Listening to my husband talk about his childhood, I think What a spoiled brat! even though I know he isn’t. They didn’t come from money, so it wasn’t like he had the best of everything. I do know my father-in-law and my mother-in-law both worked and Pete, being the oldest, pretty much raised his brothers (age difference of 3 yrs, 8 yrs, and 10 yrs). He had the gaming system that everyone wanted, he had all the Hot Wheels he wanted, and any other gadget/toy that caught his eye.
I was raised with “I don’t have money for that, so you will have to wait. If I have money left over you can get it. But the bills come first.” I knew that I could never ask for something last minute because I would be disappointed. If I needed money for a field trip I would have to ask by Monday so I could hopefully get it by Friday. My sisters and I did my dad’s paperwork (even though we were only in elementary school) and there were many times we would write a check for his weekly pay and he would leave it on the counter for weeks because he would have to pay his workers first so he can guarantee they wold come back to finish their work so he could continue the construction of the job.
Fast forward to us having kids, ages 1 and 2:
Pete comes home from work and brings each boy a toy. Not expensive, but a toy EVERY. SINGLE. DAY. I put a stop to it, telling him “I don’t want them spoiled. I want them to look forward to you coming home, not what you are bringing for them.” Pete couldn’t understand my mentality because it was only $1 at the Jewel checkout line and he planned on getting the kids whatever they wanted anyway.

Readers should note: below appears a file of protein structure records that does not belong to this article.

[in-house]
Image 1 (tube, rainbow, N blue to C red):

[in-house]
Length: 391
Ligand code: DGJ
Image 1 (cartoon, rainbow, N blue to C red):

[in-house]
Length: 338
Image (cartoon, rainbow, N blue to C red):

Fast Forward to us having Tessie, age 8:
“Daddy is better than you because when we go shopping he tells me I can get whatever I want. You always tell me, ‘It doesn’t fit right. we aren’t going to waste our money on things that don’t fit right’, but daddy says, ‘Tessie, get whatever you want.’ And that’s why daddy is better. You always say we have to wait for my birthday or Christmas, but I don’t want to wait.” I then walk into a sun room that is set up like her private crafting office with paints, canvases, brushes, glue, washi tape, glitter, slime supplies, and everything else that causes my blood pressure to rise.
Fast forward to this past week John (16), Andrew (15), and Tessie (12):
Monday: “Mom, when you go to Jewel can you see if they have ping pong balls.” I find some, I bring them home, but I wonder how they are going to use them. They grab a plastic solo cup and try to make trick shots from upstairs, across the kitchen, from the family room into the sunroom, etc.
Tuesday: “Hey dad! Can we get a ping pong table?”
Dad: “Sure! Find one online and let mom know so she can order it.”
Me: “Um, you don’t need a ping pong table because those are probably expensive.”
Kids: Look ping pong tables up, create a Google Slides presentation on the different ones, the ratings, and the pricing.
Wednesday: “Did you order the table yet? Dad said yes.”
Me: “Get out of my face! Just because you want it doesn’t mean you are going to get it!”
Thursday: I know I got an email for Dick’s Sporting Goods for 20% off, I will surprise them with the table. WHAT?? The coupon expired Wednesday night? UGH!
Friday: Dad: “Did you order the table? I am ordering it.”
Me: “You are not! I had a coupon for 20% off, but it’s expired.”
Dad: “I have the money. Buy the table. You don’t have the coupon now, do you?”
Me: “No, but I am not paying full price for the table if I could’ve gotten it for 20% off. I refuse.”
Saturday: Ding Dong Who is at the door?
Dad: “Boys! Tessie! Come to the garage! Mom didn’t say we couldn’t get something else . . . TABLE HOCKEY!”
Two different childhoods, trying to raise three kids. I am still holding out on the ping pong table, but dad won this round with table hockey!